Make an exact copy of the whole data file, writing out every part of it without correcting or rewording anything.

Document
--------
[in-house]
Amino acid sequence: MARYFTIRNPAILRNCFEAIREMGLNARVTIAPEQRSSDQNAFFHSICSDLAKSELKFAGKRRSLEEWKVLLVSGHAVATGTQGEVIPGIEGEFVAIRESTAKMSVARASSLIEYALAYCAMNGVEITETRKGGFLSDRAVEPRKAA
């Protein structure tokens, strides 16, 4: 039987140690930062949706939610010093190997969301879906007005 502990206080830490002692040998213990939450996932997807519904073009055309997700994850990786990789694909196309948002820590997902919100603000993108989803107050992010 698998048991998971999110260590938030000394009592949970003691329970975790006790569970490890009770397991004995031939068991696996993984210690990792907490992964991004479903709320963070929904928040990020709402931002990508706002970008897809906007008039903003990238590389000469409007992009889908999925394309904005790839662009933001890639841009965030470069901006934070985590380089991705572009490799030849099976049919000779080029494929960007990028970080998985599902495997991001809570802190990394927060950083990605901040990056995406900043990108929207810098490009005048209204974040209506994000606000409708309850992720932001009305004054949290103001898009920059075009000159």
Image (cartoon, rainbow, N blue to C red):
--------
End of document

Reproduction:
[in-house]
Amino acid sequence: MARYFTIRNPAILRNCFEAIREMGLNARVTIAPEQRSSDQNAFFHSICSDLAKSELKFAGKRRSLEEWKVLLVSGHAVATGTQGEVIPGIEGEFVAIRESTAKMSVARASSLIEYALAYCAMNGVEITETRKGGFLSDRAVEPRKAA
């Protein structure tokens, strides 16, 4: 039987140690930062949706939610010093190997969301879906007005 502990206080830490002692040998213990939450996932997807519904073009055309997700994850990786990789694909196309948002820590997902919100603000993108989803107050992010 698998048991998971999110260590938030000394009592949970003691329970975790006790569970490890009770397991004995031939068991696996993984210690990792907490992964991004479903709320963070929904928040990020709402931002990508706002970008897809906007008039903003990238590389000469409007992009889908999925394309904005790839662009933001890639841009965030470069901006934070985590380089991705572009490799030849099976049919000779080029494929960007990028970080998985599902495997991001809570802190990394927060950083990605901040990056995406900043990108929207810098490009005048209204974040209506994000606000409708309850992720932001009305004054949290103001898009920059075009000159």
Image (cartoon, rainbow, N blue to C red):